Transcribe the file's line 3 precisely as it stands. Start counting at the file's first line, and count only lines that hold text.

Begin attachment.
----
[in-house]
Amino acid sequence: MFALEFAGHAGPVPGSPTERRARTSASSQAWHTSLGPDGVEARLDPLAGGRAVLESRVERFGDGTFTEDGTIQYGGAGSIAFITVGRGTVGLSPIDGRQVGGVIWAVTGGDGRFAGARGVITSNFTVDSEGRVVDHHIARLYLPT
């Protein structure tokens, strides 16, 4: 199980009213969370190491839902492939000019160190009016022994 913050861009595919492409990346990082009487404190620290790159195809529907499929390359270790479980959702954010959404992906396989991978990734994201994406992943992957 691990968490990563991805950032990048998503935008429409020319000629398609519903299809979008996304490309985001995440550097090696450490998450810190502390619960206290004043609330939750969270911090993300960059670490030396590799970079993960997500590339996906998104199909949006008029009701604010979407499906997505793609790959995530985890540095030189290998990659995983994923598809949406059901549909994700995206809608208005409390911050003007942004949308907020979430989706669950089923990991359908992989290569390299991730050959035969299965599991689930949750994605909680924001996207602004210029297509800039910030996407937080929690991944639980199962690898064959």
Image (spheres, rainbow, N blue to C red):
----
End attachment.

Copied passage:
């Protein structure tokens, strides 16, 4: 199980009213969370190491839902492939000019160190009016022994 913050861009595919492409990346990082009487404190620290790159195809529907499929390359270790479980959702954010959404992906396989991978990734994201994406992943992957 691990968490990563991805950032990048998503935008429409020319000629398609519903299809979008996304490309985001995440550097090696450490998450810190502390619960206290004043609330939750969270911090993300960059670490030396590799970079993960997500590339996906998104199909949006008029009701604010979407499906997505793609790959995530985890540095030189290998990659995983994923598809949406059901549909994700995206809608208005409390911050003007942004949308907020979430989706669950089923990991359908992989290569390299991730050959035969299965599991689930949750994605909680924001996207602004210029297509800039910030996407937080929690991944639980199962690898064959």